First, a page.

We are always scanning the horizon for whales. If you see a plethora of birds on the surface scurrying about, it’s usually an indication that fish are in the area and whales are close behind. A blow amongst the birds will confirm they are around.
We have seen the whales most days but at a distance and not close enough to take pictures. I am not a photographer and my camera, well, it sucks. By the time I get it powered up, the shot is gone. I’ve tried to capture the surfacing, the feeding, the breaching but am faced with only being able to show you the following. It’s the best I can do.
At one point, my husband said, “enjoy the moment and try to remember what you see”. This is the best I can do to describe what I see. The water changes to a darker color and you can see ripples forming from the whales’ fin. If the whale is bubble feeding it will swim round and round to create a vortex of fish. Surface bubbles and a foam of white appear on the surface. Then wham! These are big creatures, with jaws wide open that stretch forever and look like the size of VW van. With one big gulp they swallow their prey. The clap of the jaw is powerful and resonates in the water. Down and then up again as they glide with a blow and move on.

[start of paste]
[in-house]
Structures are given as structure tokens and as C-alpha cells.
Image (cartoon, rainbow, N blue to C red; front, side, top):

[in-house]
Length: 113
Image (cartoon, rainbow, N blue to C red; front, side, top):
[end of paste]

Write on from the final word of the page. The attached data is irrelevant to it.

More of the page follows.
For their size they are incredibly nimble in the water. It is soothing to hear the “Pppshh” from their blow, and watch them glide as they arch their back with fin appearing and then the tail as it swoops up and out with a force that propels it forward. As gently as it comes up, it goes down and under and disappears.
When they breach, they come up nose first, and then somehow do a roll, something like a “double sowcow”, over to their side and then swoop up and down with their tail flapping on the surface as the last encounter.
One minute they are there and you watch closely and then they are gone. You start scanning the horizon again and nothing as if it didn’t exist. It’s that quick, here and gone. Once you get a taste of it, you want more.
We have an excellent book on marine mammals in BC and would you believe we left it behind. My husband is very mindful and cautious in keeping a safe distance to not disturb the animals. “But if I could just get that one shot”, I say.